Thomas: Baby Name of the Day

Thomas

Love classic names, but worried that William and James are too common?

Thanks to Monika for suggesting a rock solid classic that isn’t overused in 2015.  Our Baby Name of the Day is Thomas.

Thomas: Doubting

Years before I’d wrapped my head around the Biblical story of Thomas, I knew the phrase “doubting Thomas.”

Credit the Irving Berlin song “If You Believe” from There’s No Business Like Show Business:

I’m not making promises to the doubting Thomases … 

Here’s the story in a nutshell.

Thomas is one of the twelve apostles, and while he’s faithful, he has a little bit of a reputation as a skeptic. It’s no surprise when he doubts if Jesus is truly risen from the dead. Thomas insists that he won’t believe it until he’s seen him for himself, and touched his wounds.

This comes to pass, and Thomas goes on to spread the gospel in India. It’s believed that he died a martyr there, in Chennai, where a community of Syrian Christians, also called Nasrani, trace their roots to his evangelization.

He’s also called Didymus in some accounts. Both names come from the Aramaic Taoma – twin.

We haven’t really got a clue why he was called “twin,” though it’s generally believed that it was a nickname, not his given name. If he really was a multiple at birth, it’s not clear what happened to that sibling.

What we do know? Thomas has questions, but he’s loyal and true.

Thomas: Enduring Classic

Henry II with Thomas Becket, from a 13th-centu...

Thomas à Becket was born on the saint’s feast day, December 21st, around the year 1120, to parents of Norman descent. In 1162, Becket became Archbishop of Canterbury, an appointment traditionally more political than spiritual.

Only Becket had a change of heart, and became a fierce champion of a more independent church.

King Henry II was displeased, and Becket spent some years in exile. But tensions mounted again, and it is said that the king muttered “Will no rid me of this troublesome priest?”

In December 1170, four knights, believing they were acting on the king’s behalf, murdered the Archbishop.

He’s remembered as a martyr saint. Credit both the apostle and Becket with ensuring Thomas’ status as a classic.

There’s also:

  • Italian theologian Saint Thomas Aquinas.
  • Philosopher Thomas Hobbes.
  • Founding Father and American president Thomas Jefferson, one of the four faces on Mount Rushmore.
  • Tess of the D’Urbervilles author Thomas Hardy lends the name a literary quality, as does Mark Twain’s immortal Tom Sawyer.
  • It’s the given name of inventor Edison.
  • Actors Tom Hanks and Tom Cruise, to name just two.
  • The world of sports gives us celebrated quarterback Tom Brady.

And let’s not forget the world’s most famous train: Thomas the Tank Engine, beloved by children everywhere.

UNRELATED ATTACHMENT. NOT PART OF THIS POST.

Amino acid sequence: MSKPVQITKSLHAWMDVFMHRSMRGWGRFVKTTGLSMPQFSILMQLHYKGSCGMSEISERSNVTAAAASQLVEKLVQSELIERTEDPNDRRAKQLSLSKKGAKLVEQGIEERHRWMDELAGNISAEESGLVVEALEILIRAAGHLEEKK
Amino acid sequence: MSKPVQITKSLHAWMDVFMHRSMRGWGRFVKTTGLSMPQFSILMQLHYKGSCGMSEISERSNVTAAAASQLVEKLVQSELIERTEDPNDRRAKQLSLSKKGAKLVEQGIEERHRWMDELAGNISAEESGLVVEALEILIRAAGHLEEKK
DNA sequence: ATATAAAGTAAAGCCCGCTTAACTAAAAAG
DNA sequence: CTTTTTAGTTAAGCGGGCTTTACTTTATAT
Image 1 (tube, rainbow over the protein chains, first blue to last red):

Thomas: Today

The name is easily considered a classic, never out of the US Top 100.

And yet, at #61 in 2013, Thomas is much rarer than he was in years past. From the 1930s through the 1960s, this name was a Top Ten standard.

In fact, he remains even more common elsewhere in the Western World.

But in the US, Thomas keeps company with other under-used classics, like Lawrence and Louis. It’s a rock solid name for a son, and one that he probably won’t have to share very often.

What do you think of Thomas? Is this an overlooked classic ready for greater use?

Leave a Reply

Your email address will not be published. Required fields are marked *

This site uses Akismet to reduce spam. Learn how your comment data is processed.

7 Comments

Can’t get on board with this one at all. Anglo classic isn’t exactly my style, especially for boys, but it wouldn’t ever be Thomas to bring me around on that.

It’s Top Ten here so that doesn’t help, and it’s also very Christian feeling to me, moreso than Michael or John which have some multicultural use. And where I grew up in the States, it was a very WHITE Christian name because of the baggage around “Tom.”

Thomas is a family name on my mothers side, my great grandfather, my grandfather, my uncle and my cousin all are Thomas Richardson’s. I have no problem with the name, but I don’t think I’ll be using it, since on my dads side also has the popular Edward being passed down, and we are using it as our first sons middle name.

Underused? That’s pushing it a bit, considering its #61. Its not on Louis’ or Lawrence’s league at all.

Definitely not a name for me, too popular and I know way too many men with the name, and Tom’s and Tommy’s.

I agree. I put on the same level as Robert, Charles or John. Fading, but still very common – you also need to take into consideration at least the previous 10/20 years of popularity for a name because that child will encounter people not only from his own age group.

I’d say most Thomas’ today are named after dad, at least that is what I can tell from birth announcements online – same goes to the names I mentioned above, plus a few others like Christopher and Michael.

My husband and I both adore Thomas. I love the Biblical St Thomas and he’s a fan of St Thomas More. Unfortunately with our last name Tyson, the flow isn’t the best, but the name keeps sneaking onto my list.

Nearly all the men surrounding Henry VIII seemed to be called Thomas – Cromwell, Cranmer, More, Howard, Wolsey, the list goes on! Thomas is a very classic, solid name with a strong history, and Tom is such a friendly sounding nickname. I’d consider using this one.